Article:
Here’s some of what US Secretary of State Rex Tillerson said in Saudi Arabia earlier this month when asked what he hoped would be the outcomes of the re-election of Iranian President Hassan Rouhani:
We … hope that he restores the rights of Iranians to freedom of speech, to freedom of organization, so that Iranians can live the life that they deserve. That’s what we hope this election will bring. I’m not going to comment on my expectation. But we hope that if Rouhani wanted to change Iran’s relationship with the rest of the world, those are the things he could do.
In a media briefing in Washington on Tuesday, a senior US State Department official was asked about how this squared with the absence of similar questions from the Trump administration towards Saudi Arabia and its slow progress on democratic reforms.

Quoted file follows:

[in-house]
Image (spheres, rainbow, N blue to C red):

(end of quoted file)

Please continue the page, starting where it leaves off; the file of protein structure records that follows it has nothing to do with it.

Acting Assistant Secretary of State for Near Eastern Affairs Stuart Jones was asked by Dave Clare of Agence France Presse: “The Secretary criticised the conduct of the Iranian elections and Iran’s record on democracy. He did so standing next to Saudi officials. How do you characterise Saudi Arabia’s commitment to democracy and does the administration believe democracy is a buffer, or barrier, against extremism?”
The response was an incredible silence lasting almost 20 seconds while Jones searched for a response. Watch:
Watch as Stuart Jones, a high-level acting official in the State Dept, is asked why they criticize Iranian elections but never Saudi Arabia: pic.twitter.com/RLkKGn48Z7
— Alex Emmons (@AlexEmmons) May 30, 2017
He eventually got around to explaining there had been “significant progress” through the recent round of meetings.
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